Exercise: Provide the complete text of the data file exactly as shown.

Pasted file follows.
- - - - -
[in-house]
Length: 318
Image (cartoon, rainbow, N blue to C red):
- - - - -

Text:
[in-house]
Length: 318
Image (cartoon, rainbow, N blue to C red):